Canadian Banks and Basel Rules

Posted on September 6, 2010 and updated March 23, 2018 in Life Insurance Canada News 5 min read
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Embedded contingent capital. This may sound to you like a term from another planet, but it is a concept which is slowly coming after our banks. The Basel Committee listened to Canadian wishes and considers implementing this new regulatory feature in order to help preserve the stability of the world’s banks. Federal Finance Minister Jim Flaherty is “pleased” Canada’s advice was taken into account.

The Basel Committee on Banking Supervision is an institution which unites the central banks governors of ten nations world-wide. It meets four times a year and discusses recommendations, guidelines and best practices that the member states and other states should implement in their individual regulatory frameworks. Their decisions do not have any direct power over each national market, but they are widely supported and adapted as unified implementations help ensure that multinational banks operate in a coherent environment.

The new rules have to do with the way the banks account for debt which they owe, Financial Times report. Up until now, debt (whether a loan or a bond) has been accounted for as a liability of the bank towards its creditors. The creditors are preferred to shareholders in that in case of bankruptcy, creditors are paid out before equity holders. Also, debt repayment is traditionally more systematic and the creditor can expect to get back the face value of the debt by the end of the lending term. This makes regular debt much less risky than equity and thus cheaper.

In the future, banks may be allowed to convert parts of their debt to equity in case of a financial crisis – hence the word “contingent”. Such a conversion will have to be triggered by the federal government and will allow a bank to increase its capital levels instantly. More capital will let the bank survive longer and hopefully all the way through to the end of the crisis. Embedded contingent capital is therefore capital that is embedded in the debt, is available to the bank at any time, and is contingent upon need and government permission.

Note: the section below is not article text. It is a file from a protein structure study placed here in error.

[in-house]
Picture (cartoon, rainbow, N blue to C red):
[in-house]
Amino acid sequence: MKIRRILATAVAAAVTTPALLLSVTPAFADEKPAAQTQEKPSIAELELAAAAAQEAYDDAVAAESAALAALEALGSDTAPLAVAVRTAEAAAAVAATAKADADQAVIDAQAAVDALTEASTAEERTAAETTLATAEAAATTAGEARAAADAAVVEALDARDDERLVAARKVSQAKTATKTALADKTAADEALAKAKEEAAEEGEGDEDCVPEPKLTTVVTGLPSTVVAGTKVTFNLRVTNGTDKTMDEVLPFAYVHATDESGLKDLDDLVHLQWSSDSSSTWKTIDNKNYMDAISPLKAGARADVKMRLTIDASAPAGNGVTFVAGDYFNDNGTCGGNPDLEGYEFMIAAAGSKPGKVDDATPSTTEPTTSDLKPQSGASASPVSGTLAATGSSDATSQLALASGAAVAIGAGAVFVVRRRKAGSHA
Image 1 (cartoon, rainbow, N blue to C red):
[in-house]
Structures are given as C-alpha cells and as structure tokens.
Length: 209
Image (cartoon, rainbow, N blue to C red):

What these proposed rules are hoping to achieve is – in addition to improved banking sector stability – greater scrutiny of investors and lenders over the bank’s performance and lending practices. Being exposed to greater risk, lenders will have a greater incentive to monitor their banks and will do a better job of it, the Basel Committee thinks.

But will this be so? LSM Insurance argues that greater incentives are a positive notion, but that they will hopefully be backed by legislation ensuring transparency of the banking operations so that there are tools for investors to actually observe their banks effectively. Plus, it is not like the investors are not interested in the well-being of their banks today. The change may add additional pairs of eyes interested in the matter, but the marginal benefit of more observers remains questionable.

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The major implication of these new regulations for the banks themselves will be their new ability to acquire financing in a way that is cheaper than equity but a little more expensive than regular (unconvertible) debt. This is because the lenders will face a small contingent risk of changing rights as we explained above.

Debt (in the form of loans and bonds) normally obliges the debtors to pay interest and/or a part of the principal in regular instalments – annuities – according to the agreed-upon payment schedule. The face value of the loan or bond is repaid at the end of the term to the lender. Equity, however, gives the shareholder a portion of ownership including voting and other rights, but it is at the company’s discretion to decide how big the dividends are in a given year, or if there are any at all. Also, equity shareholders cannot expect the value of their investment to be returned at the end of the term (as there is no end of the term for ordinary shares) and the only way they can recoup their money is to sell their share hold to somebody else.

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Therefore, if Canadian banks use this borrowing facility “of the third kind”, their weighted average cost of capital (WACC) will increase slightly. But for that price, they will have a safety handle in place that can be pulled in case of emergency. Of course, there must be a market and means of valuation for such an instrument, but the banks seem to have decided that it is going to be worth it. The reassuring factor is that this feature can only be applied upon government approval and is not at the discretion of the banks themselves.

According to Reuters, Canadian banks are feeling ready to adopt the new rules and from their current position continue their successful post-crisis growth. Many banks and analysts are predicting acquisitions and mergers both at home and abroad. Banks will want to increase their presence especially in the US and European markets.

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